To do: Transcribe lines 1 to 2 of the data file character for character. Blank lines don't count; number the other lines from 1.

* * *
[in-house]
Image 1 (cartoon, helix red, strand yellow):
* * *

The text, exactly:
[in-house]
Image 1 (cartoon, helix red, strand yellow):